Sociopathy and the Anthony Case

Everyone has an opinion on the Casey Anthony trial. It does remind me of the O.J Simpson case with it’s media attention, theories, and verdicts. Each television channel, talk host, radio personality, and newspaper writer has their slant on what happened and what’s going to happen with this woman, Casey Anthony. 

What I don’t hear much of is that the woman is a sociopath. Why is it important to recognize that she is a sociopath? Because if you can recognize them (sociopaths) you can protect yourself and your children. This aspect of the case is what I would like the talk shows, magazines, and newspapers to spotlight. Educate the general public in this disorder.



Not all sociopaths are killers, most are not. But they are liars, manipulators, thief’s, con artists, frauds, and overall not people you want to take care of your children, date, or have as a friend. 

I’ve spent all of my 28 year career inside of a correctional facility working with male and female offenders. Numerous sociopaths have crossed my path both inside and outside the facility. Whether in or out, they all had the majority of the following traits. 


Interpersonal traits
Antisocial lifestyle
© 1993 by Robert D. Hare, PhD. 


The more characteristics the person has the higher they are on the continuum of antisocial to sociopaths to psychopathic. Again, not all psychopaths and sociopaths murder. It  isn’t the only outcome. Not everyone in jail is a sociopath either. There are numerous men and women who we cross paths with that are sociopaths. If you do, run the other way, no matter how charming they seem.

Why are sociopaths like Casey Anthony and O.J. Simpson initially not convicted of murder? 

Why sociopaths are hard to recognize

1. They’re fluent talkers (liars). Even when caught in a lie, they change their stories without skipping a beat.  
2. They’re totally comfortable in social situations and cool under pressure.  
3. They use family or business connections to make themselves appear legitimate.  
4. They often become, or pretend to be, clergy, lawyers, physicians, teachers, counselors and artists. Most of us generally assume people in these positions are trustworthy.
5. They’re happy to exaggerate—or fabricate—credentials. Few of us check their references.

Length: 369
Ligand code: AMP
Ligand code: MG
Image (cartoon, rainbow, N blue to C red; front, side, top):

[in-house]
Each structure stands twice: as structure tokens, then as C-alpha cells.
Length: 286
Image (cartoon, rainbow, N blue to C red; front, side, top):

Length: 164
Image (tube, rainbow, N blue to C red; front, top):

6. They will say absolutely anything—”I love you,” “You can trust me,” “I’ll never do it again.” The words, to them, mean absolutely nothing.

Subcriminal sociopaths

According to Dr. Robert Hare, many sociopaths (he prefers the term “psychopaths”) behave in a way that is technically not illegal, but violates conventional ethical standards. Dr. Hare calls these cases “subcriminal.”
In his book, Without Conscience, he states:

“They appear to function reasonably well—as lawyers, doctors, psychiatrists, academics, mercenaries, police officers, cult leaders, military personnel, businesspeople, writers, artists, entertainers and so forth—without breaking the law, or at least without being caught and convicted. These individuals are every bit as egocentric, callous and manipulative as the average criminal psychopath; however, their intelligence, family background, social skills and circumstances permit them to construct a façade of normalcy and to get what they want with relative impunity.”* (click on * for link to Lovefraud website)



These subcriminal sociopaths rarely go to prison, but what does happen is that they repeat their behavior and are caught, repeat, caught, until they crash and burn. OJ Simpson will be in prison for 33 years, Bernie Madoff received 150 years, and Ms. Anthony (unless she asks for intense counseling) will join them after a couple of ‘repeat and caught,’ sessions. 


We hope that innocents aren’t in their pathway when they do so. 





Categories: Casey Anthony, Sociopath, Sociopathic tendencies

4 replies

  1. Alvarado- I'm glad you wrote this post, most of us not informed, nor with the experience you have on this subject, are unaware of the traits to steer clear of.
    I struggle with the spiritual aspect of how to view things like this, and the practical side of needing to understand the reality….. Which is protecting ourselves and those unable to care for themselves.
    Thank you again for offering experience to this.
    -Ella

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  2. I had not thought of this case from this perspective before. I've certainly had sociopaths in my life. Now, I stay away from them. As a child, unfortunately, I did not get to.

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  3. This comment has been removed by the author.

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  4. Some misspellings in my last post, so I deleted. Thanks for your comments.@ UM-I hear you.@ both: It's a shame we have to have talks with our kids about sociopaths, but that's the reality. You're both wonderful 'mami's.

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